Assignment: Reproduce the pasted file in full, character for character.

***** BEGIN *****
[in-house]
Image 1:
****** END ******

[in-house]
Image 1: